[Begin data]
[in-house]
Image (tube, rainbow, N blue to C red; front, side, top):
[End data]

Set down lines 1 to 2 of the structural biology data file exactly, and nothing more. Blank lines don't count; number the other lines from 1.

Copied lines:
[in-house]
Image (tube, rainbow, N blue to C red; front, side, top):